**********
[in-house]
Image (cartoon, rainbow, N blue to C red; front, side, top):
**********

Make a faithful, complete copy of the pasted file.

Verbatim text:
[in-house]
Image (cartoon, rainbow, N blue to C red; front, side, top):